Bias in The Medical Community


In the past, we’ve discussed medical malpractice and wrongful death, but we don’t often consider exactly how someone with years or decades of training could overlook or outright refuse to treat patients with real concerns. Overweight women in particular have to contend with sex-specific ailments that tend to cause even OBGYNs to attribute every type of pain to “obesity” in general. Everyone can agree that being “healthy” is ideal, but isn’t that the point of going to the doctor in the first place? When doctors ignore their patients’ concerns, it can lead them to make poor choices that lead to injury or even death for their patients.

Non-Collaborative Treatment Plans

Every individual seeking medical care needs a specific treatment plan that fits their lifestyle and treats their concerns. The trouble with that is doctors aren’t specialists in every field. Complaints of stomach pain to a general practitioner may lead them to believe that a patient’s issues are simple to treat with over the counter medication; while a gastroenterologist may be better equipped to pinpoint what’s causing the pain. The trouble is getting to that specialist and for them to take your issues seriously.

If you have a chronic illness, doctors may assume that all of your suffering is attributed to the chronic illness rather than a new disease or injury that needs immediate treatment. For example, if a patient suffers from anxiety and depression, a doctor may attribute these chest pains as a symptom of their chronic illness, rather than a heart attack. Conversely, a doctor who believes a patient is having a heart attack, may discover that the patient is actually having a panic attack–after they have already started treatment. 

The common denominator here is that doctors don’t always have the right answers, but they’re still expected to use their judgment in the best interest of their patients. The main problem is when doctors are negligent and refuse to collaborate with patients on a treatment plan, or requests for specific testing, which could lead to harm or even death for a patient. If this happens, patients or their loved ones could be entitled to compensation for their pain and suffering due to malpractice.

Addressing Bias

Humans are known for being biased in some way, and it’s completely natural. However, when your biases cloud your judgment, and prevent you from performing your job properly, it’s a major concern. This is especially dangerous in the healthcare system because a doctor’s preconceived notions about a person or group could prevent them from delivering appropriate treatments. Whether or not a patient dies because a doctor made inaccurate assumptions about their health due to their race, gender, or medical history, it’s still considered malpractice and in many cases wrongful death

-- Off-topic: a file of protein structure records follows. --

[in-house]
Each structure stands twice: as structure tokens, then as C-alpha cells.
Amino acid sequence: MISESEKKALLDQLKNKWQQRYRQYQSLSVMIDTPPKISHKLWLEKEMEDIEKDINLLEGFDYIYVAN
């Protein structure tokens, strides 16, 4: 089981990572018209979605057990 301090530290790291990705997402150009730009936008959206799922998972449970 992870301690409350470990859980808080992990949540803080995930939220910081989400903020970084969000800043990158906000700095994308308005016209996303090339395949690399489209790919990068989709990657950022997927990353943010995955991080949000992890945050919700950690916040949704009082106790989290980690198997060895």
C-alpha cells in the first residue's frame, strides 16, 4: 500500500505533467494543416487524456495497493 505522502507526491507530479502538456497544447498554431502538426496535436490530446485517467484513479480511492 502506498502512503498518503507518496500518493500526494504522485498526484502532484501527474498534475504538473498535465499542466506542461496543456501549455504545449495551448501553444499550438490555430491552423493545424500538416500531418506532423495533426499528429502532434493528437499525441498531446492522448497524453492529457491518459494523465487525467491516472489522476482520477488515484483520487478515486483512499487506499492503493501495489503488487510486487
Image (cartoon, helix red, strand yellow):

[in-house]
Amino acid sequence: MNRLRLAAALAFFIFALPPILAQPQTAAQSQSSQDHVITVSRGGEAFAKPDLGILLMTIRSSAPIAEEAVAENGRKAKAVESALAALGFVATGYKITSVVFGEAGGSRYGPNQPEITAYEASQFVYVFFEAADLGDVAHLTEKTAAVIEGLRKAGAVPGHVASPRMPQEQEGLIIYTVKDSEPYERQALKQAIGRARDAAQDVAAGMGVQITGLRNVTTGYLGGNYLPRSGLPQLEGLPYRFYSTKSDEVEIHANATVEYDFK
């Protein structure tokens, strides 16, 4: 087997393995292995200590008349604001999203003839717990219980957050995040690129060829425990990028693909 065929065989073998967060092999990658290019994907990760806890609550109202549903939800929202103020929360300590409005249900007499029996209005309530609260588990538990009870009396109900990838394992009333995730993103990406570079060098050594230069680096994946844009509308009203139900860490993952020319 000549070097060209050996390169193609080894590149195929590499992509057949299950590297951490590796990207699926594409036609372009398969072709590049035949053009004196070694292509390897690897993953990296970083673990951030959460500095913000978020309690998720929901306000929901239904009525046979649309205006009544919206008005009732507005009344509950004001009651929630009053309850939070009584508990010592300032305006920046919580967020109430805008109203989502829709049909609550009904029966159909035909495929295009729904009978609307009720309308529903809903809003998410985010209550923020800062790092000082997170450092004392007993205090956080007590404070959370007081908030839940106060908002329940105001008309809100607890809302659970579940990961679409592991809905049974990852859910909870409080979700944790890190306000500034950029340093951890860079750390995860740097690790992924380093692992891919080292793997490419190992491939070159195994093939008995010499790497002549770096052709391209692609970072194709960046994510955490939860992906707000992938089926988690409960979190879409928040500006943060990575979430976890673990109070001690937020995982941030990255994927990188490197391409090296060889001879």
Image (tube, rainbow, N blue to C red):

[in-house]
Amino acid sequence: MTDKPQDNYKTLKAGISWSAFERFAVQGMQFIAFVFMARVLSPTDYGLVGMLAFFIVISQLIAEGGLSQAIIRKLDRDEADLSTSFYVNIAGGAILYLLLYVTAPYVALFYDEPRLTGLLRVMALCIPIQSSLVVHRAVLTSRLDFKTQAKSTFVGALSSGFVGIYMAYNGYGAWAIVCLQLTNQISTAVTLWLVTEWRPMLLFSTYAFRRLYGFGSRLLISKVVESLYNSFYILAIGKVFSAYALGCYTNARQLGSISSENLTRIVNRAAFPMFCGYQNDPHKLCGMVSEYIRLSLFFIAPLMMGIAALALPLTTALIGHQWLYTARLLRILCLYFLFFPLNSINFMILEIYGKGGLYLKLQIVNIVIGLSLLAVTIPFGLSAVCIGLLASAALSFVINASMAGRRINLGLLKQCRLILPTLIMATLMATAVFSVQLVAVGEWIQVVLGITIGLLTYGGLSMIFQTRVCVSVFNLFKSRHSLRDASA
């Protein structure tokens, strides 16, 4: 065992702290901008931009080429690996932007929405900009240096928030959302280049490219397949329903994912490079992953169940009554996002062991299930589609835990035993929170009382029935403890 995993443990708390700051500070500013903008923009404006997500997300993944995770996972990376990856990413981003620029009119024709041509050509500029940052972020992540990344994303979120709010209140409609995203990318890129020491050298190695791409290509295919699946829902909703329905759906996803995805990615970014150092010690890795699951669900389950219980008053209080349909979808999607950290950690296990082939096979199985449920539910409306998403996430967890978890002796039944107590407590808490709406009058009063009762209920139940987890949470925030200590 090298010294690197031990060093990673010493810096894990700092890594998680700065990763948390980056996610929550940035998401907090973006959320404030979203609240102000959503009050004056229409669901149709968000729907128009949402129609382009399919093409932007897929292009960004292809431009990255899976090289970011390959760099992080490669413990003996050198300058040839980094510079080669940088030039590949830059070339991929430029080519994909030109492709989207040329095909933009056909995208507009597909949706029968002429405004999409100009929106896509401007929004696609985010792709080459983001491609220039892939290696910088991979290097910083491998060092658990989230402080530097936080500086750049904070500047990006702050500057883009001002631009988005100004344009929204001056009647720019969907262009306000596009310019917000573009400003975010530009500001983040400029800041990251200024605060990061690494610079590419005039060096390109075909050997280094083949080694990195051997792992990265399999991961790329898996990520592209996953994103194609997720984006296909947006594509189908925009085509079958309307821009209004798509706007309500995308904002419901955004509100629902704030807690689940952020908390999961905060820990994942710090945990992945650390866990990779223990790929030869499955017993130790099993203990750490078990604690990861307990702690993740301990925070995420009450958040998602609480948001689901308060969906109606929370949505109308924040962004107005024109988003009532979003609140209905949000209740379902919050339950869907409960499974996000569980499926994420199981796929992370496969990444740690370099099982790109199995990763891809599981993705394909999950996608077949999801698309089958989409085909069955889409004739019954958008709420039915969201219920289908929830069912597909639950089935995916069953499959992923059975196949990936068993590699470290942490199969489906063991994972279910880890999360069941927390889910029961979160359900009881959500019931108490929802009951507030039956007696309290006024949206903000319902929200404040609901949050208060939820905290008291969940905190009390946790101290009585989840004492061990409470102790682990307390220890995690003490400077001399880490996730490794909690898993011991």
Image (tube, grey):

Women disproportionately experience a lack of acceptable care in many aspects of their health. If you’re a woman, it’s likely that at some point in your life, your pain or illness has been directly attributed to your menstrual cycle or daily habits. If you haven’t experienced this, just look up “misogyny” and “doctor” on Tiktok and you’ll see video after video of women and other doctors pointing out blatant flaws in medical procedures, or discussing their own negative experiences. There are certain medical procedures that seem so inhumane that both male and female medical professionals are begging the question: Why aren’t women’s health concerns taken seriously? 

Consider these two birth control options available to patients: Vasectomy for men and IUD insertion for women. Both should be painless outpatient procedures that serve a similar purpose. During a vasectomy, the patient is numbed and walks out the very same day. During an IUD insertion, results vary in extremes. Patients may or may not be numbed–depending on their doctor’s preference. They may or may not be prescribed pain medications for recovery. A common occurrence is to receive none of these basic treatments while the doctor calmly tells them, “This will pinch a little,” only to experience what some describe as the most agonizing pain they have ever felt. 

Finding Closure and Getting Results

It may not be feasible to “prove” that the doctor or healthcare professional was negligent due to their inherent biases, but the weight of their actions is still there. When a healthcare provider’s actions–or refusal to act–deviate from accepted standard of care, documented proof of their liability is the lynchpin in a malpractice or wrongful death suit. 

Doctors may not realize that they’re actively causing harm, but that doesn’t mean they should not be held accountable for it. Surgical errors, misdiagnoses or delayed diagnoses, medication errors, birth injuries, anesthesia errors, and failure to obtain informed consent are among the few most common examples of what can be considered medical malpractice that deserve respect and compensation. If you’re not sure about whether or not you should pursue a lawsuit, you can discuss your case with the team at Robin Frazer Clark, P.C. during a complimentary initial consultation. To get started, call (404) 873.3700.

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